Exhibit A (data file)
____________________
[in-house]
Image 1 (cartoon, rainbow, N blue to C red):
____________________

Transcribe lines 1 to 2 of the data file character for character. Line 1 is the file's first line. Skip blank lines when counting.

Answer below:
[in-house]
Image 1 (cartoon, rainbow, N blue to C red):